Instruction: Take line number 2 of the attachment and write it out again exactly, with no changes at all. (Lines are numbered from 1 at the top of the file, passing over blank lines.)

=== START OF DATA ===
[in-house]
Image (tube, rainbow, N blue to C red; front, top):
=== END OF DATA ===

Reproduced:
Image (tube, rainbow, N blue to C red; front, top):